Posted on Tuesday, November 7th, 2017

270 delegates, representing 60 organisations, gathered at the 2017 Mineral Products Association (MPA) Health and Safety Conference and Awards and devoted their morning sessions to reflect one of the most challenging years on record for MPA in terms of fatalities and incidents.

With a conference theme of  “Admitting the Truths…Addressing the Realities”, MPA Chairman and Tarmac Senior VP Martin Riley got proceedings underway. Inter alia, he said,  “Today needs to be a seminal moment for the Association and, in turn, the industry. Today must be the day of change, when we change our conversation on health and safety and reset our agenda. If that happens we may be able to claim success, but only if we reverse current trends and we genuinely commit to achieving Zero Harm. We need to become less tolerant of hollow words, shallow commitments and lack of application.”

Paul Difford, Director with Neucom Ltd and the IIAI Research & Development Centre, gave the first key-note speech of the morning and focused on a question that had been set by Kevin Stevens, MPA H&S Manager. Kevin’s question was short and to the point, “why are we still failing to learn from incidents?”.

As an investigator called upon to assist some of Neucom’s clients, Paul has to deal with the aftermath of fatal accidents on a regular basis and was, therefore, professionally attuned to an underlying mood. In part to assist, he touched upon the role of chance in our working and everyday lives and emphasised its undiscriminating nature by way of a quote from Ecclesiastes 9:11.

 

 

 

 

 

 

Returning to the question, ‘why are we still failing to learn from incidents‘, he offered that the answer lies first in admitting to a painfully obvious and simple truth, “people, not things, cause accidents”. Secondly, organisations must ask deep and meaningful questions regarding the basis and underlying philosophy of the approach to causation employed within them.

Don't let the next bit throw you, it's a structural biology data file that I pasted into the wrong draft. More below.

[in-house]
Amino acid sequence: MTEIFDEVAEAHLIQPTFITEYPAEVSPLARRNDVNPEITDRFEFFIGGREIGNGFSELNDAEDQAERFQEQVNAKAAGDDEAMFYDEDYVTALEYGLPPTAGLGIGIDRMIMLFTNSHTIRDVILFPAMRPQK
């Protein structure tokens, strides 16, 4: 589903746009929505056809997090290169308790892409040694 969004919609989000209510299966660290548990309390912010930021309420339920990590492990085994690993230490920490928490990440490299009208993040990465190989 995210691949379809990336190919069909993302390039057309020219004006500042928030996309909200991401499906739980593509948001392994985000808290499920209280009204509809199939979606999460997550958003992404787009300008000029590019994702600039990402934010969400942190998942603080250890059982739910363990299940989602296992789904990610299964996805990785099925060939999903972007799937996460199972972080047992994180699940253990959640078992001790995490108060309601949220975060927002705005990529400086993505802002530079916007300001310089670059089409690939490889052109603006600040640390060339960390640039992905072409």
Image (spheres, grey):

Paul then proceeded to identify the errors within the prevailing causal paradigm and explained how it misses salient cause and, in consequence, allows the same type of accident to repeat itself and leave the relevant organisation shocked and surprised by its seemingly unpredictable re-occurrence.

Despite the tragedies, the MPA conference acknowledged many award winning initiatives and re-confirmed its commitment to Zero Harm. Difford lent his personal support but urged industry to realise, a). zero harm does not mean zero accidents, and b). accurate data analysis (and, hence, effective remediation) requires a thorough understanding of why that statement is correct.

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